“I’d give up my firstborn son for a new, good ZOO TYCOON game.”
This is a phrase I think I say at least once a week. Over time other permutations have arisen:
“I’d give up 30 years of my life for a new ZOO TYCOON.”
“I’d literally kill for more ZOO TYCOON. Actual, literal murder.”
“I would drop out of school, shave my head, and give up on life if it meant I could spend even one hour playing ZOO TYCOON in any capacity.”
Now I don’t just want any ZOO TYCOON. I want good ZOO TYCOON. The classic, plain-as-vanilla-ice-cream, capitalist-to-a-fault ZOO TYCOON. ZOO TYCOON that’s asymmetrical, with a locked-down camera and an art style that isn’t trying hard to be realistic, but rather, evocative. ZOO TYCOON like the first ZOO TYCOON and its excellent expansions. ZOO TYCOON you take home to the family. The kind of ZOO TYCOON you marry and have three kids with.
This ZOO TYCOON, the stuff of dreams all too real, burst onto the PC gaming scene in October of 2001. It was more or less a direct response to the ridiculous success Hasbro Interactive experienced after publishing ROLLERCOASTER TYCOON, a business management simulation about balancing a rollercoaster’s ability to induce vomiting with the cost of popcorn. ZOO TYCOON takes that formula and applies it to the actual lives of animals. Naturally, it was a match made in heaven.
Not a zoo, but rather a machine that turns animal life into cold, hard currency
Developed by Blue Fang Games and published by Microsoft Studios, ZOO TYCOON perfectly fuses the OCD-indulging tendencies of park design and path placement with the more erratic and exciting mood monitoring elements popularized by THE SIMS. These, combined with a deliciously oblivious wrapper of earning profit at all costs, creates a game that feels new each time you play it, while being comfortably predictable.
These essential feelings are expressed in the game through three distinct modes and the basic gameplay loop. At its core, ZOO TYCOON is a game about spending money and waiting to spend money. You spend money, placing objects in the park, purchasing animals, hiring zookeepers and other workers, and then you wait, planning on how you’ll spend money next. There’s always another animal to add to your zoo, another beautiful enclosure to construct, and another money-making food vendor to install. But funds are limited to the tickets and concessions you sell and the donations you receive, so the rest of the time you cross your fingers and pray you don’t go into the red while watching animals react and guests freak out when a lion roars. To the primary audience, this focus on capitalism in the purest sense seems harmless. Money, when it comes down to it, is just as meaningless as points. Perhaps the perspective of time warps things, but in comparison to other “management sims,” where the means of acquiring capital are more abstracted, ZOO TYCOON takes on a layer of maliciousness.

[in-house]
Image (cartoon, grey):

Zoos, while being for-profit enterprises, are ultimately about conservation and ecology. The money-making ability of the animals is only a concern as far as it continues to guarantee their safety and well-being. Their experience, whether happiness or pain, is at least never hard to connect to or understand. In ZOO TYCOON, animals can’t convey emotion. Or at least, no emotion that can’t be described using an emoticon. It makes the process of making the animals suffer an easier pill to swallow. Ultimately it’s just the money that matters. The money is how I build the next thing. It’s my points. It’s THE point.
Smiley faces don’t exactly capture the depth or breadth of the gazelle experience